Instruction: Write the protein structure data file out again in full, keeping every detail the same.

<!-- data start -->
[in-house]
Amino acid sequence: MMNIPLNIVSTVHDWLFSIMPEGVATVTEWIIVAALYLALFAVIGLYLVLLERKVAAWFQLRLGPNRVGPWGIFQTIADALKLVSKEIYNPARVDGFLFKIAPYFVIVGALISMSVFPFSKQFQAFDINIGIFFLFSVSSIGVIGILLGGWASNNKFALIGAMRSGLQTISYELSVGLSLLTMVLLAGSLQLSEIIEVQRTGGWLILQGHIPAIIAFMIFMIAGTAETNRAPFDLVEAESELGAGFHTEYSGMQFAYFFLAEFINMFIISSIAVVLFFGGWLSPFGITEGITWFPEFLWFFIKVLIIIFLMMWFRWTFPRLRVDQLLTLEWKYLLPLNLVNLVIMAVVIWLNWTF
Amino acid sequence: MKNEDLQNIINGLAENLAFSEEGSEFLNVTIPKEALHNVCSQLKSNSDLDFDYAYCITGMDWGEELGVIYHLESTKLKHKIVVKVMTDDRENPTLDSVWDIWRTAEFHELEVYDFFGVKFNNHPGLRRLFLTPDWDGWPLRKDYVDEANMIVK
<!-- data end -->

[in-house]
Amino acid sequence: MMNIPLNIVSTVHDWLFSIMPEGVATVTEWIIVAALYLALFAVIGLYLVLLERKVAAWFQLRLGPNRVGPWGIFQTIADALKLVSKEIYNPARVDGFLFKIAPYFVIVGALISMSVFPFSKQFQAFDINIGIFFLFSVSSIGVIGILLGGWASNNKFALIGAMRSGLQTISYELSVGLSLLTMVLLAGSLQLSEIIEVQRTGGWLILQGHIPAIIAFMIFMIAGTAETNRAPFDLVEAESELGAGFHTEYSGMQFAYFFLAEFINMFIISSIAVVLFFGGWLSPFGITEGITWFPEFLWFFIKVLIIIFLMMWFRWTFPRLRVDQLLTLEWKYLLPLNLVNLVIMAVVIWLNWTF
Amino acid sequence: MKNEDLQNIINGLAENLAFSEEGSEFLNVTIPKEALHNVCSQLKSNSDLDFDYAYCITGMDWGEELGVIYHLESTKLKHKIVVKVMTDDRENPTLDSVWDIWRTAEFHELEVYDFFGVKFNNHPGLRRLFLTPDWDGWPLRKDYVDEANMIVK